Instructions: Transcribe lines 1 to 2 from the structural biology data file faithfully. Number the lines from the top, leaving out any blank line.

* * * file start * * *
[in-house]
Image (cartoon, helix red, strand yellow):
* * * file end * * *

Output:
[in-house]
Image (cartoon, helix red, strand yellow):